It looked like every fan at the ballpark tonight stayed at their seat after the final out had been recorded (by Jonathan Papelbon, who should also be noted for tying the club consecutive-save record to open a season at 18), chanting "We. Want. Curt. We. Want. Curt."
You know, I'm confused, sometimes, when I see the way the fans drink in Curt at the ballpark, and then contemplate the posturing from my fellow fans outside the park whenever the subject of Schilling comes up, when everyone is quick to preface any remarks on Schilling with some caveat about how they don't like him personally, but...
Of course we like him personally. So what if it's artifice? Isn't that all this game is? Pomp and circumstance, marketing and show, and somewhere in between all that, a little magic?
Like any good movie, at times, it requires suspension of disbelief. It requires setting aside cynical pretense and going with the emotion of the moment. Like Curt and the Fenway crowd did tonight.
"What these fans did for me tonight, I'll never forget it," Curt said in his postgame press conference. I don't think any of those fans will, either. And let's face it: we all wish we'd been there.
I was reminded of an experience I had in college, watching Curt labor through a 200th victory that wasn't all that pretty. As a music major for my first year and an active member of Music Dept. social circles every year thereafter, I got exposed to a lot of the philosophical side of music and its demanding lifestyle. Often, as a decidedly un-athletic person, the things I experienced as a musician (of sorts) are the only analogy I have for what I see in sports.
When I was a sophomore or junior, a world-class instrumentalist came to teach in the department. I didn't study with him, but I did play in the ensemble behind a tour de force solo performance he gave after officially reporting for duty as a professor. And this concert--it's one of my lasting memories. One of my own movie moments. It's almost impossible to describe the beauty of how this man played one of the most difficult pieces in the repertoire for his instrument; to this day thinking of it or listening to the recording I have of the piece can bring tears to my eyes.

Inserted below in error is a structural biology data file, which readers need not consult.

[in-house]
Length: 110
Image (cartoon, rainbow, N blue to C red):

Meanwhile, there was a graduate student on the same instrument who'd been with the department for a year or so, who had also proven himself a solid, if not as gifted, instrumentalist. Forced to study under the virtuoso, who had been a child prodigy and toured the world as a soloist before settling down at UMass to teach, this graduate student soon began to suffer. Because--as he told a mutual friend he and I had, who told me about it--the virtuoso couldn't teach. He would tell the student that what he was doing was wrong, and then demonstrate on his own instrument, and do exactly what the student had been doing in the first place. Astonishingly, he seemed to have no idea how he played the instrument, while the student had had to be very clear and conscious about his technique. It bothered the student to no end that he was forced to study with the virtuoso--the two were clearly such different animals when it came to their instrument that they couldn't communicate.
And you know--I always preferred the sound of the graduate student when he played to the virtuoso, undeniably gifted as the latter was. Because in the sound of the graduate student was not only good intonation and technical work but the sound of the thought and labor he had put into learning what he played. There was a sweeter tone to a hard-won sound.
To me, if pitchers can be divided up into virtuosos and graduate students, Curt Schilling is the consummate master's degree candidate in pitching. He doesn't have the gifts of a Pedro Martinez or the brilliance of a Roger Clemens--he will tell you himself he lacks that pure, raw talent.
But what he has is enough physical talent to begin with, and then enough determination and appreciation for the task to perform at a higher level, maybe, than he has any business occupying. And like that graduate student I remember from college, it's sweeter, sometimes, watching him perform.
A heartfelt congratulations on a well-deserved celebration for him tonight.